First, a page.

Polyrhythms Are Our Friends

One of the things I struggle with most in producing is making interesting drum lines. I think this is why I tend to go for writing harmonies and melodies in my tracks. I understand chord structure, progressions, and voice leading better than rhythmic patterns.

The kinds of tracks I want to write need a groove, though, if they are to be any good. My percussion production techniques are improving, but I don’t feel that the actual percussion arrangements are much good at all.

I’ve been listening with a critical ear to stuff that I really dig the feel of the percussion, and I’ve noticed that while the main groove might be 4/4, under the surface there are percussive “events” that when you tease them out, they’re happening in 13/8, or 7/8 (for example), and they come around to create counter-patterns around the core 4/4 structure.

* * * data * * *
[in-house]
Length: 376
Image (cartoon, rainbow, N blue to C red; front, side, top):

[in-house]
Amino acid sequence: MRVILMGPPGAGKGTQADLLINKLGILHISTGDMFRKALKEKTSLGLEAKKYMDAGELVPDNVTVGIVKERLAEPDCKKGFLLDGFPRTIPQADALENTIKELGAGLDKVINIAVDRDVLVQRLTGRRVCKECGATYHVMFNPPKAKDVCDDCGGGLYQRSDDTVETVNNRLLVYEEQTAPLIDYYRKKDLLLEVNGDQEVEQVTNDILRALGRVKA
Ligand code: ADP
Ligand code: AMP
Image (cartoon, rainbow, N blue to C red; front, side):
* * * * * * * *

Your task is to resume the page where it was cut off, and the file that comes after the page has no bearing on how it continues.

These patterns merge and diverge from the main groove and help create sonic interest. These are called polyrhythms. It’s nothing new. There has been music made in this way for millennia, especially in traditional Asian and African music. I think what surprised me was really hearing it in electronic dance music that has such a strong relationship with 4/4.

I bring this up because the track I will be publishing this Saturday will be featuring some conscious polyrhythmic experiments. I’ve already started, and I like where some of my early sketches are going. Stay tuned!

2 thoughts on “Polyrhythms Are Our Friends

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